SENIOR HOME CARE SERVING ALAMEDA AND CONTRA COSTA COUNTIES

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YOUR BEST YEARS, IN THE BEST PLACE…HOME!

YOUR BEST YEARS, IN THE BEST PLACE…HOME!

Stroke Care in the East Bay

Serving Seniors in Alameda and Contra Costa Counties

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Meal Preparation

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Physical Activity

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Transport / Errands

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Cognitive Therapy

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Personal Care / Hygiene

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Medication Reminders

Stroke Care

A stroke, also known as a cerebrovascular accident or CVA, occurs when blood flow to a section of the brain is interrupted, either by a blockage of a blood vessel or by the rupture of a blood vessel. Strokes may be more common than you realize.  According to US Center for Disease Control (CDC), approximately 800,000 people in the United States or one person every 40 seconds experiences a stroke each year. How much a person can expect to recover after a stroke depends on several factors, including the type of stroke the amount of brain tissue damaged and the area of the brain affected.

Stay positive! At Aging in Place our caregivers have helped people who have made great strides in recovery.

Caring for a loved one at home after he or she has suffered a stroke can be a challenge. Aging in Place Home Care, located in the East Bay Area of San Francisco, can help. We provide trained and compassionate caregivers to assess your loved one’s needs and work to help him or her regain the highest possible level of functioning.

How Can a Caregiver at Aging in Place Home Care Help My Loved One after a Stroke?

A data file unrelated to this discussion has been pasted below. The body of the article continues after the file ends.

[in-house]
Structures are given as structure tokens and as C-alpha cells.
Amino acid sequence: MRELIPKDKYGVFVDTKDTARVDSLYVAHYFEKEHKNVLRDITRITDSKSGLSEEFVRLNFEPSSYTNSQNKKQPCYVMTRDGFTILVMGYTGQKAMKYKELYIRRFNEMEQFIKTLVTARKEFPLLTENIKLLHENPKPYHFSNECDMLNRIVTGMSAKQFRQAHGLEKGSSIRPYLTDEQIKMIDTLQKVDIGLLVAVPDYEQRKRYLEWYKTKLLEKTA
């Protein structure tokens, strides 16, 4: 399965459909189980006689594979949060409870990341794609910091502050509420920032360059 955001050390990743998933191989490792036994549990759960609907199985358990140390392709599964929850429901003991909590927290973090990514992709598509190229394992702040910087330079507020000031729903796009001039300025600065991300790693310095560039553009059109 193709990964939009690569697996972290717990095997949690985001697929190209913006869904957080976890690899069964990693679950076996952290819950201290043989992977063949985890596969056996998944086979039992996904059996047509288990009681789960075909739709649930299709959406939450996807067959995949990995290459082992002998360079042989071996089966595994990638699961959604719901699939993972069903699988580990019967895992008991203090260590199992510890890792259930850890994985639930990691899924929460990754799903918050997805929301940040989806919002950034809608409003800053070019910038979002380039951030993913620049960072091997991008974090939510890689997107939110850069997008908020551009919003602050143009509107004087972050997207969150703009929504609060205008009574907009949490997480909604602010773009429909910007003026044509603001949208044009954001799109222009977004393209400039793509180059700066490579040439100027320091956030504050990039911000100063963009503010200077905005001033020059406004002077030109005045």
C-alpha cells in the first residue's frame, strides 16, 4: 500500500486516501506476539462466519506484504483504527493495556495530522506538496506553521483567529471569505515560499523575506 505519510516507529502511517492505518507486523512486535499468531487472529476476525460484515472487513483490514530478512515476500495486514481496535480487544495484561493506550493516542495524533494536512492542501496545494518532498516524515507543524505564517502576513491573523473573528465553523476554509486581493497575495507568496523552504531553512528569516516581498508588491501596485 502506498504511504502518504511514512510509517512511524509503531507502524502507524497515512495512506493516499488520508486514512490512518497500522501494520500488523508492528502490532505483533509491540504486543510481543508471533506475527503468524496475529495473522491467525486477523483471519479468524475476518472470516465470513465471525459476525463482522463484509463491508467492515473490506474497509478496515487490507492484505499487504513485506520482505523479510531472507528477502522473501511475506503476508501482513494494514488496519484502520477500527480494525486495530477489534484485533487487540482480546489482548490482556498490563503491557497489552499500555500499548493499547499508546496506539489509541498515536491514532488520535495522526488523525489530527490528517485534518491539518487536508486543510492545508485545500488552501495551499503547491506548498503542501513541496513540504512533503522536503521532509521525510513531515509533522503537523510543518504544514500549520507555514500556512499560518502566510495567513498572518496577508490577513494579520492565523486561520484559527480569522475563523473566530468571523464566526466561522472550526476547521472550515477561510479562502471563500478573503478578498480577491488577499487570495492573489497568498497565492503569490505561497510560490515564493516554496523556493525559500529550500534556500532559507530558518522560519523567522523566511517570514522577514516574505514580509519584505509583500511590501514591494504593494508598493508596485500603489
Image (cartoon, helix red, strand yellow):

If your loved one has returned home following a stroke, there are many ways our caregivers can help him or her.

  1. Facilitate strong communication with loved ones and other caregivers

A person who has been through a stroke may have issues with memory and communication. Our caregivers are trained to communicate clearly about your loved one’s condition and to make you aware of any significant happenings that occur in their presence. Our caregivers also keep a close eye out for signs of depression, a condition which frequently affects people after a stroke.

  1. Work to prevent another stroke

Caregivers can encourage your loved one to take medications as prescribed, to eat a healthy diet, and to engage in exercise. The better your loved one’s overall health, the less chance that he or she will fall prey to another cerebrovascular accident.

  1. Practice skills learned in rehabilitation

Many people who have had strokes receive physical, occupational or speech therapy. These therapists may recommend exercises for your loved one to practice several times a day. Our caregivers can remind your loved one about these exercises and help your loved one perform them.

  1. Assist with problem-solving

Strokes can result in cognitive challenges, making it difficult for people to think through problems or plan complex activities. Are caregivers are trained to help your loved one identify an issue and arrive at potential solutions. We can also cure your loved one during difficult or multi-step tasks.

  1. Provide personal care

A stroke may leave your loved one with serious physical issues such as paralysis. Our caregivers can help with tasks such as bathing, dressing and eating.

  1. Complete homemaking tasks

The caregivers we provide can also help with household chores such as dusting, vacuuming, preparing a meal or cleaning up after a meal.